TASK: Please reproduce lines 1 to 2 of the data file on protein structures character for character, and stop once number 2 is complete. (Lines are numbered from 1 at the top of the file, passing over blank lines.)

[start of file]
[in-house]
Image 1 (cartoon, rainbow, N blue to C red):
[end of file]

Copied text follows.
[in-house]
Image 1 (cartoon, rainbow, N blue to C red):